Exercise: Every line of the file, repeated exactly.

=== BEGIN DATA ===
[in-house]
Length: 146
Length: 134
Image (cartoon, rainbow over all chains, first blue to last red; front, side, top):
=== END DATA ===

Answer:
[in-house]
Length: 146
Length: 134
Image (cartoon, rainbow over all chains, first blue to last red; front, side, top):